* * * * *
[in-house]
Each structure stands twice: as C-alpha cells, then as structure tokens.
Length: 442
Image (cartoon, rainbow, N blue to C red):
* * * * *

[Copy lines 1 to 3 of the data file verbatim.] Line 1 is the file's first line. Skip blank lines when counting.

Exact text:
[in-house]
Each structure stands twice: as C-alpha cells, then as structure tokens.
Length: 442